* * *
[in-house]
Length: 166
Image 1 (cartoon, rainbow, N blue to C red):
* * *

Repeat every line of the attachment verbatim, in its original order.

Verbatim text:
[in-house]
Length: 166
Image 1 (cartoon, rainbow, N blue to C red):